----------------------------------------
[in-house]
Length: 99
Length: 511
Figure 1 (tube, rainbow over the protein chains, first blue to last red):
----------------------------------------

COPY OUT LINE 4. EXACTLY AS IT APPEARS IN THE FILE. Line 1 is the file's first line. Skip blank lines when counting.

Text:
Figure 1 (tube, rainbow over the protein chains, first blue to last red):